The Greencine Five, Part I: Curse of the Golden Flower, Phantom India, Twin Peaks, I’m Not Afraid, They Came Back

I have a home office, but I don’t have cable. The experiment is working out quite well. To keep the TV in use, I upped my Greencine subscription from 3 DVDs at a time to 5. The first batch of DVDs arrived by Friday, and today the last of them are watched. Below are reviews, from the most recently watched to the first viewed.

To Kill a King, Queen, or Prince

A Hamletian epic of faithlessness and betrayal, Curse of the Golden Flower centers around the Chrysanthemum Festival of the late Tang Dynasty. The style shifts through the movie from the lush beauty of House of Flying Daggers to the dead beauty of the Godfather Saga. Some of costumes and choreography are reminiscent of 300. Sadly, Zhang Ziyi does not make an appearence, though Man Li is not a poor substitute.

Orientalism in its truest form

1969’s Phantom India (Disk 1), by Marxist / Cultural Relativist / French documentarian Louise Mille, is perhaps the least explanatory film possible about that country at that time. Yet its hypnotic qualities cannot be denied. From the theosophist dance academy to the Right Communists, the two themes are that a western mind absolutely cannot understand the east and that a Maoist revolution would be for the best. The best line (paraphrased): “After becoming nearly extinct decades ago, the tradition has regained popularity. Thus it is dead. What was once living now is folklore.”

The owls are not what they seem

It is impossible to describe Twin Peaks (Season 2, Disk 1) without mentioning LOST. Both are mystery-shows set in remote locations that take a deep plunge into mythology their second time around. From Bob to Dharma, Twin Peaks’ influences on ABC’s hit show are clear. But equally clear is what Twin Peaks did wrong that LOST did right: character development. The people of Twin Peaks are weird people in a weird environment. The magic of the Lostaways and Others, however, is that they were normals before they got to the island. Everyone who ever visited Twin Peaks was always weird.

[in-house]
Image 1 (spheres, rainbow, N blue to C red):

Looking up and down

Kidnapping movies have never been so good. The sub-genre, which is so cliche that Ransom (1996) feels like the “scenes we forgot to shoot the first time around” to Ransom (1956), is given new life by I’m Not Scared (Io non ho paura). The coming-of-age drama is likewise hackneyed, and likewise revived, by this story of a southern Italian boy who finds another his age down a well. The two boys — one lost in comic books, the other in cotard delusion — behave in the irrational, non-introspective way of all youth.

Not brain-eating. Just slightly disoriented.

If I’m Not Scared shows how kidnapping movies can be done right, They Came Back (Les Revenants) demonstrates that they can be done… differently. While traditional zombies are slow-moving and flesh-devouring, and the hip new zombies of 28 Days Later are fast-moving and flesh-devouring, the undead of this French drama are slightly agitated by generally easy to get along with. Focusing on three zombie-human love stories (a father and son, a young couple, and an elderly couple), They Came Back is a moving metaphor for any sickness that hollows out one who depends on you. Like Phantom India this film is French, and it’s worth seeing for its ethnography alone: the French declare zombies to be internally displaced persons in keeping with UN treaties, Zombie worker protection laws make the undead a protected class, and zombie sleeping medicine (their sluggishness prevents them from being tired for long) is created by an American researcher